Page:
Every new Sonic release carries a hope that Sega's blue hedgehog will be able to regain the form that made him a star in the early '90s. And most every venture into the third dimension has resulted in various degrees of failure. Sonic Unleashed is able to buck the trend started by previous Sonic adventures and continued by the high-definition versions of this very same game. The Wii version uses the same concepts as the Xbox 360 and PlayStation 3 renditions, pairing Sonic's trademark speed through loops and over collapsing bridges with slow-paced werehog levels that focus on precise platforming and hand-to-hand combat. However, with entirely new levels and much more responsive controls, the Wii version is a vastly superior experience. The combat is repetitive, and there aren't enough levels that focus entirely on speed, but Unleashed is an ultimately fun adventure that brings back fond memories of Sonic's heyday.
Rings let you pull off a super burst for even more speed.
The story begins with Dr. Eggman shooting the world with a giant ray gun. Predictably, the planet breaks apart, but there is an unexpected side effect as well. Innocuous Sonic gets transformed into a giant, mean-looking creature called a werehog. This abomination emerges only when the sun goes down, and the game lets you play stages during the day and at night to make full use of your dual personalities. Even though there are an equal number of hedgehog and werehog stages, most of your time in Sonic Unleashed will be spent at night, given that the shallow combat takes far longer than the sprint-to-the-finish-line hedgehog races.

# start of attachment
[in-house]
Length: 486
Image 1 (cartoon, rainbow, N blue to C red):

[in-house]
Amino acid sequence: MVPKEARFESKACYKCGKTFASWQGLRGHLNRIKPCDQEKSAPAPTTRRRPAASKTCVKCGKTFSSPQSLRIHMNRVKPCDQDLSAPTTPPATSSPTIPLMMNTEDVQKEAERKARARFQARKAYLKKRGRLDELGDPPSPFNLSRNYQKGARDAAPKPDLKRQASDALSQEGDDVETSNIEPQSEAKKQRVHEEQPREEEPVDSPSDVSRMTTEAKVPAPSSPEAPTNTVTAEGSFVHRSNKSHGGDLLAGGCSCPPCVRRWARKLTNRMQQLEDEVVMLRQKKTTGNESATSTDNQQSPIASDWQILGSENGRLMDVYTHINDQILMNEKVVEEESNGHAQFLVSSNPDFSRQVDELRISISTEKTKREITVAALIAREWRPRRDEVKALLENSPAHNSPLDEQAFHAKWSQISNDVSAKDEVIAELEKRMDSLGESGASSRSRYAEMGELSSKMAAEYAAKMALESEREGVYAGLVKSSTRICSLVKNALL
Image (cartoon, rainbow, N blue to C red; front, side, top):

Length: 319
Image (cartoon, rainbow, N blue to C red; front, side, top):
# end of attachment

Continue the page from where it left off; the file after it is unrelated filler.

The traditional Sonic levels are a blast. You'll sprint across the land at top speeds, just like Sonic is supposed to do, and tight controls make the whole thing very enjoyable. It's incredibly easy to snatch precious rings as you sprint by, target enemies to leap to higher platforms, and wall-jump up tight passageways, all without slowing down for even a second. The responsive controls are the backbone of this adventure, making it fun and rewarding to sprint through these levels as fast as possible, but the level design also deserves praise. Everything is intelligently laid out, letting you see obstacles well in advance. You'll never find yourself running into an unseen wall of spikes or falling down a pit because you couldn't see a platform located beneath you. Punishment is also kept to a minimum. Often, if you miss an important jump, you'll merely fall to another part of the level and continue on your way. When you do die, you are placed near where you fell off, which encourages you to experiment with more-difficult paths through levels.
The biggest problem with the hedgehog levels is that there are not enough of them. Each of the eight unique environments has only one hedgehog stage to run through. This isn't quite as bad as it sounds, considering that the same levels can be replayed with different tasks, but it is disappointing to have only a handful of different worlds to sprint through. Your main goal is always to get to the finish line in whichever manner you choose, but the other goals add restrictions that offer some variety. For instance, you'll be asked to collect a certain amount of rings or plow through a level without being hit by an enemy. Each instance adds a few tweaks to the basic layout, but the dearth of new worlds is grating after a while. Nevertheless, seeing as how the levels are so fun to play, you'll still find yourself going back to set new records or search for branching paths that you missed the first time.
Combat may be flashy, but it's also really boring.